Parenting Through Crisis: Helping Kids in Times of Loss, Grief, and Change

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Harper Collins, Jan 26, 2010 - Family & Relationships - 272 pages
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In this companion to her bestselling Kids are Worth It!, parenting educator Barbara Coloroso shows how parents can help children find a way through grief and sorrow during the difficult times of death, illness, divorce, and other upheavals. She offers concrete, compassionate ideas for supporting children as they navigate the emotional ups and downs that accompany loss, assisting them in developing their own constructive ways of responding to what life hands them.

At the heart of her approach is what she calls the T.A.0. of Family -- Time, Affection, and Optimism -- coupled with her deep understanding of how people move through grief. Barbara Coloroso's clear answers to difficult questions are enriched by uplifting humor and insightful anecdotes from her own experiences as a Franciscan nun, mother of three, and her thirty years as a parenting educator. With this Guide in hand, parents can feel assured that they are responding with wisdom and love when children need them most.

 

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Contents

Why This Book Why Now?
1
Essentials for the Journey Chapter 1Finding aPath Through Grief
9
The Big Ones
21
Death Helping Kids Mourn
23
When Illness Strikes
64
Families Changes and Challenges
103
Navigating Divorce
105
Families Born ofLoss and Hope
162
Responding to Crises Large and Small
217
Mistakes Mischief andMayhem
219
life Lessons
253
Index
257
Copyright

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Page 45 - Independence which gave liberty not alone to the people of this country, but hope to all the world, for all future time. It was that which gave promise that in due time the weights would be lifted from the shoulders of all men, and that all should have an equal chance.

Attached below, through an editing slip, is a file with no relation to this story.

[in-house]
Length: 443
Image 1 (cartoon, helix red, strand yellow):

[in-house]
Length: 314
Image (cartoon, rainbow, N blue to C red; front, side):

Page 45 - It was not the mere matter of the separation of the colonies from the motherland, but that sentiment in the Declaration of Independence which gave liberty not alone to the people of this country, but hope to all the world, for all future time.
Page 73 - When one door of happiness closes, another opens; but often we look so long at the ^ closed door that we do not see the one which has been opened for us.
Page 16 - God, give us grace to accept with serenity the things that cannot be changed, courage to change the things which should be changed, and the wisdom to distinguish the one from the other.
Page 45 - Life of Washington." I remember all the accounts there given of the battlefields and struggles for the liberties of the country, and none fixed themselves upon my imagination so deeply as the struggle here at Trenton, New Jersey.
Page 44 - For there is no despair so absolute as that which comes with the first moments of our first great sorrow, when we have not yet known what it is to have suffered and be healed, to have despaired and to have recovered hope.
Page 45 - The crossing of the river; the contest with the Hessians; the great hardships endured at that time, all fixed themselves on my memory more than any single revolutionary event; and you all know, for you have all been boys, how these early impressions last longer than any others.
Page 25 - Small children have many more perceptions than they have terms to translate them; their vision is at any moment much richer, their apprehension even constantly stronger, than their prompt, their at all producible, vocabulary.

About the author (2010)

Barbara Coloroso is the author of the international bestseller Kids Are Worth It! and Parenting Through Crisis and is an acclaimed speaker on parenting, teaching, conflict, resolution, and grieving. Featured in Time, the New York Times, and on many radio and television shows, she lives with her husband in Littleton, Colorado.

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